Paul and Diane Bassett
Western Trust foster carers
Paul and Diane Bassett from Ballykelly have been fostering for 11 years and have provided respite, short term and long term care to a number of children.
“We initially looked into fostering because we felt we had had a lot to offer children and had good parental skills,” says Diane. “Our two sons had left home and we had a big empty house and a lot of time and energy because we’re still quite young so we thought we could do something good for a child who really needs help,” she continues.
Paul comments: “I wanted to foster because I just love being a dad. I suppose I’m quite selfish in a way. Plus, I believe that every child deserves a stable, loving and caring home and that is something I think both myself and Diane can offer a child.”
Paul and Daine have welcomed five foster children into their lives on a long term basis over the last 11 years. They have also cared for several children on a short term basis. Today they share their home with Tommy, who has been with the family for six years.
“when children go innto foster care there is more often than not a sad history behind the placement. Every child struggle to adapt an dcome to terms with their sitaution so while fostering is rewarding it can be very challenging, says Diane.
Diane says it can be difficult to say goodbye to a child who you have fostered. “A lot of people who might consider fostering may be worried about how they would cope when they have to say goodbye to a child they have become attached to – it is difficult at times. However, when the placement is short term you are usually prepared for the fact that the child will likely be moving on. The way I cope is I say to myself that I’ve given that child the ability to be with his / her parents and to live a happy and normal life. And that may never have been possible had it not been for us being there for that child at a time when things at home were difficult. That is a very satisfying feeling. Ultimately, you have to put the child’s needs ahead of your own,” she says. “There is no doubt that it can be sad for a while but you can comfort yourself in the knowledge that you have done something really quite special for that child,” she continues.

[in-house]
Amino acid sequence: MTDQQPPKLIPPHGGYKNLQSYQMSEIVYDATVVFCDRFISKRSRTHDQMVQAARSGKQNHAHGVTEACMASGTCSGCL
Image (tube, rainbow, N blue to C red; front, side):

Paul talks about the assessment process they went through when applying to become foster carers. “The assessment process can take up to six months. At the end of it, your application is put before a fostering panel and you can attend this panel if you wish. It’s a good chance for you to ask questions from the panel and vice versa. Some prospective carers might be worried that the assessment process will be intrusive but we didn’t think it was at all. In fact, I found myself really looking forward to the social worker’s visits. It was like continuing a story of your life – a lot of good memories were brought out from the interviews,” he remarks.
Paul and Diane both feel they have received excellent support and training from the Trust. “I really feel we work in partnership with the Trust. They give you training and help you along and give your support whenever you need it,” says Paul.
The Bassetts would recommend fostering to others. “If you are interested in fostering I would say give it a go. You’ve nothing to lose and everything to gain,” Paul concludes.